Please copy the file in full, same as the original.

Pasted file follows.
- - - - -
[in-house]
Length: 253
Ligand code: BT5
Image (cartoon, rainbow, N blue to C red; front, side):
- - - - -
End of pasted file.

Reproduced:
[in-house]
Length: 253
Ligand code: BT5
Image (cartoon, rainbow, N blue to C red; front, side):